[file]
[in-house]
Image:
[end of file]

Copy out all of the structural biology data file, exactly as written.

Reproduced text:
[in-house]
Image: